Investing and the Small Business Owner: How To’s and Best Practices

Being a small business owner can come with its fair share of obstacles. Your mind may be riddled with concerns for employees, office space, and those pesky government forms that come around every April. After all is said and done, there is often not much thought given to investing.

But,investing is vitally important, and even more so for the business owner. Worse, only 9% of millennials see themselves as investors. With this growing trend, it is imperative that the business owner of any age pays close attention to the importance of investing. In fact,Global Resources Reviews list investment as one of the most important habits a business owner can get into. So, to help you along this path, below are some tips and ideas for investing well.

Allocate

Numerous studies show the single most important factor to help ininvesting success is asset allocation — the mix of stocks, bonds and cash in a portfolio. Over the long term, stocks have earned approximately ten percent a year. This is enough to double your money every seven years. But stocks can be quite risky for the money you will need in the next five to ten. The bulk of that money should go into bonds, which are less fickle, averaging returns of around 5 percent a year. While this is obviously less than stocks, it is a reliable and effective option.

Cash, like bank savings and money-market funds, is very safe but generally earns nothing once inflation has taken its course. It is often advised that one keeps about six to twelve months of cash in an account, with the remaining portion being allocated to bonds. Of the remaining holdings, the bond portion should equal one’s age, i.e. 50 percent for a 50-year-old. The rest of your portfolio should be in stocks.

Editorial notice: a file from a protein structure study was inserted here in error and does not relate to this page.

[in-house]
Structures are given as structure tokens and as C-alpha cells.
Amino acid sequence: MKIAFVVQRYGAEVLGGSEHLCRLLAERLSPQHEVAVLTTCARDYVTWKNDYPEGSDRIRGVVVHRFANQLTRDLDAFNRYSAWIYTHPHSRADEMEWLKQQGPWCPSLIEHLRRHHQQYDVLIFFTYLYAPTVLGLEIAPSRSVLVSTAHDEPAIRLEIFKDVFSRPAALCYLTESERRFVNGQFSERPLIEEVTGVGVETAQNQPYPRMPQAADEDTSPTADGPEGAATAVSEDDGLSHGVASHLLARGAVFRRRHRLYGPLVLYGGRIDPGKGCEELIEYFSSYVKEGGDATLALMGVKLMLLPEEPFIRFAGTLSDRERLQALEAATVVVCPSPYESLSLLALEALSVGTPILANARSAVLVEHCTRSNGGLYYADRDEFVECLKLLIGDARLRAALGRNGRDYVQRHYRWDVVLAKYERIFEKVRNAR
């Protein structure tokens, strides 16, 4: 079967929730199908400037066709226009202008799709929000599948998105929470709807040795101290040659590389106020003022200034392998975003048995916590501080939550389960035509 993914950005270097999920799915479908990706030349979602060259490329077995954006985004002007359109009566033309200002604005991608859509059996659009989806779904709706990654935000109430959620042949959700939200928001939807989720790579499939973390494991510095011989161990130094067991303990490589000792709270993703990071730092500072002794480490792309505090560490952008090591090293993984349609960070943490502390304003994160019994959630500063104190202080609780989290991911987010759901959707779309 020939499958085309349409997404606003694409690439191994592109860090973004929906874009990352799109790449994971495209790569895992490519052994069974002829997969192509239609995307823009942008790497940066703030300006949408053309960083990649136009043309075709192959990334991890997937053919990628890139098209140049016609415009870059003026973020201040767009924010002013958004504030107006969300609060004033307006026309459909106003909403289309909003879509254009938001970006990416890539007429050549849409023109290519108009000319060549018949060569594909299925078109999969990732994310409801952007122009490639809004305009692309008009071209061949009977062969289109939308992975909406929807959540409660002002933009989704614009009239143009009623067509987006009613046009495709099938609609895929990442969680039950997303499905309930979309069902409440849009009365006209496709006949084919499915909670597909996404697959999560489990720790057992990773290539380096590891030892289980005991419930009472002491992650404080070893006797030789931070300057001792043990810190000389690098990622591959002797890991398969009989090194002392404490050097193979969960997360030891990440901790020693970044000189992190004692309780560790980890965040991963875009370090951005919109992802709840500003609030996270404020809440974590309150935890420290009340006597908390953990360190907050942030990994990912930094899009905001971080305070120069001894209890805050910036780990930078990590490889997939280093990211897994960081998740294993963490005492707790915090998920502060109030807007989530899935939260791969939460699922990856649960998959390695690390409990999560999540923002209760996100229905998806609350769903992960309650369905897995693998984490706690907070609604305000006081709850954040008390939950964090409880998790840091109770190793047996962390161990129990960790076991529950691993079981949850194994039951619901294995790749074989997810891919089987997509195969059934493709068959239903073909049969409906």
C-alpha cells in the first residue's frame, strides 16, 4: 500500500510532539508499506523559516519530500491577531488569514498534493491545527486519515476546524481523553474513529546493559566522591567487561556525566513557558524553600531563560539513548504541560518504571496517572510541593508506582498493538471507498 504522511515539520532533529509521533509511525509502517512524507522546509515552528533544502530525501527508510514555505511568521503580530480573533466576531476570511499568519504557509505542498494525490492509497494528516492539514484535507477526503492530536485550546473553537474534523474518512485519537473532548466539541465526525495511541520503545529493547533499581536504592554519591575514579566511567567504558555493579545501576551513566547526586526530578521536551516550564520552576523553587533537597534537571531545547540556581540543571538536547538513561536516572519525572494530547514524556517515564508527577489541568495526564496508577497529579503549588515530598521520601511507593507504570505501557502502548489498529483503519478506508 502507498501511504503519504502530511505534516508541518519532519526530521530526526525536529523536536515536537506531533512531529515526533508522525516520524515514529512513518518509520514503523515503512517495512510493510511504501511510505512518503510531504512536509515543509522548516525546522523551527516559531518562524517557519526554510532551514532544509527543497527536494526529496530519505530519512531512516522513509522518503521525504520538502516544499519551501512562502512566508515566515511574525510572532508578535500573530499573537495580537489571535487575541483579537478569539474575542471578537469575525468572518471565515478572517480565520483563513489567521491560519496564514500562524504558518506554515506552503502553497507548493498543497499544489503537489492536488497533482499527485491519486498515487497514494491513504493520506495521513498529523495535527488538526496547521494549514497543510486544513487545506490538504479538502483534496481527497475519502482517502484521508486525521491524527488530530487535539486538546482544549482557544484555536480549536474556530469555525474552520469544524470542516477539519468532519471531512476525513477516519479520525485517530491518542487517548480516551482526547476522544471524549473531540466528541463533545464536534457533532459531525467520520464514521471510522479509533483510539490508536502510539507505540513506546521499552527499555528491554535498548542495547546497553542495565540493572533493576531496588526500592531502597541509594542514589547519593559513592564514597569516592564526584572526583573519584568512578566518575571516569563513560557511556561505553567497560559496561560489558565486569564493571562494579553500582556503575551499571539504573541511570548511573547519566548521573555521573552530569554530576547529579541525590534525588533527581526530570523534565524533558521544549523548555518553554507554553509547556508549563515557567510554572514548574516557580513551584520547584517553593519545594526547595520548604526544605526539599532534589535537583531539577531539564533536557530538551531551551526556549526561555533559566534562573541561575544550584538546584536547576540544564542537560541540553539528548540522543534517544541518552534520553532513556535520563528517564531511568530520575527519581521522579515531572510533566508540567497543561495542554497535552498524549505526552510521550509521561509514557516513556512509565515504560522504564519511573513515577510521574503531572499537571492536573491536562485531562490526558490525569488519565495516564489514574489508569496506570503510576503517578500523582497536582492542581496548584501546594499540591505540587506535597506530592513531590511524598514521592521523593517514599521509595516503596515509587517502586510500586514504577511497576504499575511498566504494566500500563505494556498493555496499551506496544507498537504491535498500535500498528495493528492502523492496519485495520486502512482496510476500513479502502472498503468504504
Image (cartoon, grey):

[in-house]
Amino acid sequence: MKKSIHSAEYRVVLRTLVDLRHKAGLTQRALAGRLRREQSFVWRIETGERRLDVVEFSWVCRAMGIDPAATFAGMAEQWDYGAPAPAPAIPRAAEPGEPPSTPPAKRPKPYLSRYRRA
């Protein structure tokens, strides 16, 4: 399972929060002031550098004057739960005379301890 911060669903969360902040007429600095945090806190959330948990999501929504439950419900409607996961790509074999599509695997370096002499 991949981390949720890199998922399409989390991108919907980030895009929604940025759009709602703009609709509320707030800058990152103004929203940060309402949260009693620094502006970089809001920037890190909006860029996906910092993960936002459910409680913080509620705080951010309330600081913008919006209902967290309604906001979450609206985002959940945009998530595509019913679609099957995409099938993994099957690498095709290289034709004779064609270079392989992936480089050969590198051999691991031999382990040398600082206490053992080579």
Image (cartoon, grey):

Spread it Around

People who own businesses or have large stock positions in companies they work for often havetoo many eggs in one basket. By diversifying — spreading money among a wide variety of holdings — you reduce overall risk, since some holdings may be up while others are down. This is a smart habit to get into, and one that can help steady and your funds and relief some of your stress of storing money.

Remember,investing is a marathon, not a sprint. Often, people are scared off by the idea of investing, or they get out of the investing game and never return or come back too late. It’s important to keep in mind that, though investing may seem as though it is not paying off, following the tips shown above, and being wise with where you put your money can result in investing becoming a huge asset to you, as a business owner.

One Response to Investing and the Small Business Owner: How To’s and Best Practices
  1. Youtube Promote
    September 18, 2017 | 2:10 pm

    Ahaа, its ɡ᧐od dialogue on the topic of this paragгaph here at
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Investing and the Small Business Owner: How To’s and Best Practices